Winter Residents


December, 2016 The kids are bundled in layers upon layers, puffy caricatures of themselves. We leave the toasty coziness of the wood stove to venture out into the white evening. A pilgrimage to the big city…that is, the one mile journey from Lower Stanley to Upper Stanley. After a full day of shoveling and plowing, we’re finally able to make it out of our driveway and onto the snowy roadway. For most of December, we’ve had a steady alternation of arctic temperatures and dumps of wet heavy snow. Several storms have together dropped almost 5 feet of snow on Banner Summit, and the Stanley Ranger Station has recorded an overnight low of -38.1 degrees. Stanley’s parade of signature winter events will begin after the holidays, but for now, town is pretty quiet—a time when many businesses temporarily close and Stanley locals take the opportunity to travel. Due to the weather, several holiday events and school activities have recently been cancelled or postponed. We’re heading “uptown” tonight for the re-scheduled ukulele performance of the Stanley School students (nine in all) at the Stanley Sluice Ale House. It is dark and snowing on a Monday night, the highway is deserted and I expect only a handful of kids and family members to attend. We make the turn onto Niece Avenue, mountains of piled snow towering over the intersection at Ace of Diamonds. Through falling flakes, we come upon a sea of vehicles lined up and down the street and spilling over into the neighborhood. We approach welcoming windows, savory smells, and laughter, underscored by the cheery melodies of the Pesky Grape Seeds, favorite local musicians. The door opens on a scene more reminiscent of a bustling urban bistro than a hibernating frozen town, population 63. Diners pack every table, patrons fill the bar seats and the walls are lined with standing spectators. The mood is vibrant and lively, the cheer almost palpable. Friends and neighbors celebrate the season and the chance to dig out and congregate. The students play and sing their hearts out, overcoming jitters and hitting an easy stride. The enthusiastic crowd begs an encore and the kids deliver. An enigmatic mix calls this valley home in all four seasons--not just in fair weather, when adventure, social diversion, and fruitful employment are abundant and Mother Nature is at her easiest to love. It’s obvious that this is a fairly adventurous group: independent, self-reliant, preferring to live outside the hustle of mainstream urban life, but after a few winters here it becomes clear there is a defining quality that runs much deeper. Above all else, Stanley folks are civic minded. In the high season we provide services and infrastructure to accommodate thousands, depending on a very small community core. A lifetime of volunteer hours are needed for everything ranging from city council, school board, sewer board, library board, fire department, EMT’s, and Search and Rescue to the chamber of commerce, ice rink, snowsport trails grooming, collaborative groups, civic and environmental organizations, school and community events. Everyone steps up and fills a role and most citizens wear at least two or three hats. For a bunch of march-to-the-beat-of-your-own-drummer, off-the-beaten-path eccentrics, Stanley knows how to do Community, and nowhere does it shine more than in supporting the shrinking tribe of local youth. After the performance, the pack of kids retreats to their natural environment—outside, in the snowy night playing tag. Slowly the crowd dwindles and says goodnight. This evening was a necessary antidote to the creeping cabin fever that I didn’t even suspect was infiltrating. I leave feeling blessed to be a part of this warm, gracious, and generous crowd. Driving home, it turns out we’re not the only ones (Hearty? Adventurous? Crazy?) enough to call the Sawtooth Valley winter quarters. Four sets of eyes reflect back on us as we slow to a stop above the Valley Creek Bridge. Stanley’s wildest residents out on a late night prowl—Cervus Canadensis, our native herd of elk. Like the river guide whose truck broke down in Stanley 30 years ago and never again passed the county line, elk range the high country through the warmer seasons and find themselves camped out at the town watering hole for the winter. For better or worse, this place draws us all back time and time again. Winter visitors find a connection here more intimate and nuanced than in the throngs and clamor of summer, a soft balance between quiet stillness, serenity, and solitude and the communal off season festivities, the rush of adrenaline filled snow sports, and the camaraderie shared in a cozy local establishment on a starry December night.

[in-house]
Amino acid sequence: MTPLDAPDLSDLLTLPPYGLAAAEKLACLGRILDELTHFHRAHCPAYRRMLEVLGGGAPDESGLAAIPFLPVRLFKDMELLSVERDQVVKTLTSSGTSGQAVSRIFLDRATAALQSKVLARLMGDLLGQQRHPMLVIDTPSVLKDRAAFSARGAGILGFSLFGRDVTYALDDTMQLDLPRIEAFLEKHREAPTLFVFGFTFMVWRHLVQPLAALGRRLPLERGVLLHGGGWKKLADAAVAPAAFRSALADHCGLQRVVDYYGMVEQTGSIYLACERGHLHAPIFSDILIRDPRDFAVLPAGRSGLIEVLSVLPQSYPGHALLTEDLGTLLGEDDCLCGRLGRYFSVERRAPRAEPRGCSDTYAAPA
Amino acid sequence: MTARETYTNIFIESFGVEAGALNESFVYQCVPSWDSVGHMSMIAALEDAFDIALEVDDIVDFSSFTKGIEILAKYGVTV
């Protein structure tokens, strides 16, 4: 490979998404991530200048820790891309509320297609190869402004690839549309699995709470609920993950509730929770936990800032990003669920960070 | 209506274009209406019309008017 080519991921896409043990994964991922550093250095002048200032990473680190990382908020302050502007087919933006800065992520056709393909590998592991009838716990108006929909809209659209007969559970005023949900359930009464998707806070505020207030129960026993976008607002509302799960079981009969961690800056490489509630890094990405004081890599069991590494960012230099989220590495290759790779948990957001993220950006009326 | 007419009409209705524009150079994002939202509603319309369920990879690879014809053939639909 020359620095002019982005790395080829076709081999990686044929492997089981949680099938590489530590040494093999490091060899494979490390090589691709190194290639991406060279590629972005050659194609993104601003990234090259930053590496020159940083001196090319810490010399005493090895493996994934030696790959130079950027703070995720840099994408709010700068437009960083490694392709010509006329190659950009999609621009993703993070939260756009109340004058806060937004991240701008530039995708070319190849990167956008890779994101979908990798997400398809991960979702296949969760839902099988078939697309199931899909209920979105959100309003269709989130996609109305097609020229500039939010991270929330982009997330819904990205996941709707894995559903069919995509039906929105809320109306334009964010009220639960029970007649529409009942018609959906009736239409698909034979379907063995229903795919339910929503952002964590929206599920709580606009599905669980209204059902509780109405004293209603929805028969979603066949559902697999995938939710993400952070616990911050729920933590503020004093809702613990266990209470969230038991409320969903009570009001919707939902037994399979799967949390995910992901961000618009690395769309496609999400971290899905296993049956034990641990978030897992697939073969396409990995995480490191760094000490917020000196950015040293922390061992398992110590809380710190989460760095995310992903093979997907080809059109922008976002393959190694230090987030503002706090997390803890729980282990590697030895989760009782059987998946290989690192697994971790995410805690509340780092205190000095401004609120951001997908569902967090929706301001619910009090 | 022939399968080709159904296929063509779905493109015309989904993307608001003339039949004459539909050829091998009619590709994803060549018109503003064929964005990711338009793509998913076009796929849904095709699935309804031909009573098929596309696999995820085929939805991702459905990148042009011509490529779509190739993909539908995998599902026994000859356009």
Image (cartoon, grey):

Source Url: